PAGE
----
How Elastic is the Government's Demand for Weapons?
We attempt to make inferences about the elasticity of the government's demand for specific weapons by analyzing the statistical relationship between quantity and cost revisions across the population of major weapon systems, using data contained in the Pentagon's Selected Acquisition Reports. The cost revisions are due in part to the arrival of technological information generated in the course of research and development. When we standardize the data by program base year, we find that the elasticity of demand is .55, and is significantly different from both zero and unity. Thus, the governments demand for specific weapons is inelastic, but not perfectly inelastic. The estimates also imply that weapons acquisition is characterized by increasing returns: the mean and median values of the elasticity of total cost with respect to quantity are .78 and .72, respectively.
|Date of creation:||Jul 1989|
|Date of revision:|
|Publication status:||published as Journal of Public Economics, Vol. 40, pp. 57-78, (1989).|
|Contact details of provider:|| Postal: National Bureau of Economic Research, 1050 Massachusetts Avenue Cambridge, MA 02138, U.S.A.|
Web page: http://www.nber.org
More information through EDIRC
Please report citation or reference errors to , or , if you are the registered author of the cited work, log in to your RePEc Author Service profile, click on "citations" and make appropriate adjustments.:
- Tirole, Jean, 1986.
"Procurement and Renegotiation,"
Journal of Political Economy,
University of Chicago Press, vol. 94(2), pages 235-59, April.
- Lichtenberg, Frank R, 1988. "The Private R&D Investment Response to Federal Design and Technical Competitions," American Economic Review, American Economic Association, vol. 78(3), pages 550-59, June.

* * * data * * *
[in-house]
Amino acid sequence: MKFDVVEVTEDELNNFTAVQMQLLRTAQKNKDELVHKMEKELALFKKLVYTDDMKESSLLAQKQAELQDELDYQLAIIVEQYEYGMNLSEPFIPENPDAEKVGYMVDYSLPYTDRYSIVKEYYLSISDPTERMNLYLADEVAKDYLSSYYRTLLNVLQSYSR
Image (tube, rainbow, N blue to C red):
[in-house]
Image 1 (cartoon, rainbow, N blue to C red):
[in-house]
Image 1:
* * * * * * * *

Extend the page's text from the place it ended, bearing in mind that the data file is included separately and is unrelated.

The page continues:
- White, Halbert, 1980. "A Heteroskedasticity-Consistent Covariance Matrix Estimator and a Direct Test for Heteroskedasticity," Econometrica, Econometric Society, vol. 48(4), pages 817-38, May.
- William P. Rogerson, 1988. "Profit Regulation of Defense Contractors and Prizes for Innovation : Theory and Evidence," Discussion Papers 759, Northwestern University, Center for Mathematical Studies in Economics and Management Science.
- A W. Marshall & W H. Meckling, 1962. "Predictability of the Costs, Time, and Success of Development," NBER Chapters, in: The Rate and Direction of Inventive Activity: Economic and Social Factors, pages 461-476 National Bureau of Economic Research, Inc.
- Baron, David P & Besanko, David, 1988. " Monitoring of Performance in Organizational Contracting: The Case of Defense Procurement," Scandinavian Journal of Economics, Wiley Blackwell, vol. 90(3), pages 329-56.
When requesting a correction, please mention this item's handle: RePEc:nbr:nberwo:3025. See general information about how to correct material in RePEc.
For technical questions regarding this item, or to correct its authors, title, abstract, bibliographic or download information, contact: ()
If references are entirely missing, you can add them using this form.